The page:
Stealth Camping and 16 miles of Bike Path

November 12 2011. East Palatka to Gainesville

“In the first week you’re going to fall over at a red light with your feet stuck in the pedals once or twice.”

That’s what the guy at the bike store said when I bought my clipless shoes – the kind where your feet click in to the pedals. That sounded unpleasant and embarrassing, so I was determined not to let it happen to me. I rode around with them for three or four days before the trip so I could get used to them when my bike wasn’t loaded. At first, I did really well. It was hard to forget that my feet were clipped into the pedals because It felt much different than riding with flat pedals. I unclipped both feet well before every stop sign just to make sure I wouldn’t have an incident. I starting to think I was mentally superior to everyone who had problems adjusting to new pedals.

By the second day of the trip I had been using clipless pedals for more than a week and I still hadn’t crashed. I started to get cocky. In the middle of the morning I stopped for a snack on a quiet road east of Gainesville. I clicked my right foot out of the pedal and planted it on a patch of grass as I coasted to a stop. Then I dug through my handlebar bag for a Snickers bar that had burrowed under my book, maps, and camera.

Once I started to lose my balance, I caught myself quick and shifted my right foot and wiggled my left foot. That didn’t work. I couldn’t get my weight onto my right foot and it was too late to unclip my left foot. I slowly started falling to the left. A second later I was still mostly upright but I knew I was going down. I dropped my stuff into my handlebar bag and put my arms out to brace for the impact.

When I finally I hit the ground, my hip and back took most of the impact. It was relatively painless and no one was around to see, so I sprang up before any cars drove past. I felt a little less cocky after that, but I didn’t learn my lesson.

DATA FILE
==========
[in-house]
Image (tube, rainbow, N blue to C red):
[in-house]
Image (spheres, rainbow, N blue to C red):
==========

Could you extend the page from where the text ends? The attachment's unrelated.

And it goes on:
The same thing happened a few days later in Tallahassee. This time it was near the center of town and there were people everywhere. Halfway down the block there were 10 or 15 people hanging out at a car wash shining their rims and dancing to Lil’ Wayne. I was looking at my map on the corner of the street when a subtle weight shift caused me to lose my balance and begin a slow descent to the sidewalk.

Again, it didn’t hurt. But this time there were people all around. They all pretended not to notice as I got up and went back to consulting my map.

Eventually, I learned not to stop with one foot attached to the pedal, but it took until the very last week. There were five or six of these falls. A few times I stopped in places where I needed to scoot backwards to get back on the road. While I scooted back, the clipped in pedal had to pedal in a slow circle backwards to keep up with the chain wheel. I never succeeded at this one-footed backing up move, but that didn’t stop me from trying.

Morning in East Palatka

Last night was much colder than I expected. I went to bed early and woke up at seven, but the cold kept me in my warm sleeping bag until eight. I got out, had breakfast, and then met the second obstacle to my early start – packing.